Business, Economics and Jobs

Has China replaced the US as superpower?


China's J-10 fighter jets perfom during the Air Show 2010 in Zhuhai, south China's Guangzhou province. Last year China won orders for 100 of its large, domestically built passenger jets, challenging industry giants Airbus and Boeing in what will soon become the world's largest aviation market.



Is America's global dominance over? After winning World War I, World War II and the Cold War, it appears that Pax Americana has finally fallen from its pedestal — at least in the eyes of key countries around the world.

Doubts are rising about America's superpower status. More and more, people view China as the global frontrunner, according to a poll published today by the Pew Research Center.

Western Europeans in particular see America slipping behind China as the world's premier superpower. French citizens lead the pack in perceiving America's slide. 

"In 15 of 22 nations, the balance of opinion is that China either will replace or already has replaced the United States as the world’s leading superpower," Pew wrote. "This view is especially widespread in Western Europe, where at least six-in-ten in France (72%), Spain (67%), Britain (65%) and Germany (61%) see China overtaking the U.S." Nearly half of Europeans polled already see China as the world's dominant economic power — and they tend to view this "as a bad thing."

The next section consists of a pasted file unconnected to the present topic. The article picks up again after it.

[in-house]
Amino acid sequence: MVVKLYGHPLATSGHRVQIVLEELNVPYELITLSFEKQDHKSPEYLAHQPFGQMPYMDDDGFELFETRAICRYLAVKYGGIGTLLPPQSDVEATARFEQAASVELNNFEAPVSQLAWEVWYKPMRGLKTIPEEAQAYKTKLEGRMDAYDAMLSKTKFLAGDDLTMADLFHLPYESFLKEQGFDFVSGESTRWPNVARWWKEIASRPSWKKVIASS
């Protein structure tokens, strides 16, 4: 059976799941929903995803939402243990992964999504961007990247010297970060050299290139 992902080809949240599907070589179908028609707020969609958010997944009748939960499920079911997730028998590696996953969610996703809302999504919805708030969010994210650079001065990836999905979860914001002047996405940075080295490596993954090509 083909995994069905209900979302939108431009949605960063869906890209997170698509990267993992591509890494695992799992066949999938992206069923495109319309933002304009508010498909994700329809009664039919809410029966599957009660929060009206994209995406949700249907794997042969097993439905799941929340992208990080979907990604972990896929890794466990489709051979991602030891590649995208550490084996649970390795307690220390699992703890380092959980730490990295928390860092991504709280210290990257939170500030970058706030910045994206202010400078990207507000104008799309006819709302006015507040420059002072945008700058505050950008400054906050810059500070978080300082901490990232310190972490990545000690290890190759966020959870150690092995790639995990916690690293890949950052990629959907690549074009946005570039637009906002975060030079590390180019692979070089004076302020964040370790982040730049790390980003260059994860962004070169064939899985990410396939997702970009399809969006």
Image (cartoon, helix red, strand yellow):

Pew found that especially since 2009, America's status as the leading global super-power has slipped "substantially." China has the global momentum.

"[T]he view that China will overtake the U.S. has increased substantially over the past two years, including by 10 or more percentage points in Spain, France, Pakistan, Britain, Jordan, Israel, Poland and Germany."

Even Americans — famously confident of their status — are increasingly seeing China pulling ahead: "the percentage saying that China will eventually overshadow or has already overshadowed the U.S. has increased from 33 percent in 2009 to 46 percent in 2011."

While some might be inclined to blame America's declining image on US President Barack Obama, Pew refutes that. The good news, it reports, is that "opinion of the United States continues to be more favorable than it was in the Bush years." 

Follow the writer on Twitter @DavidCaseReport.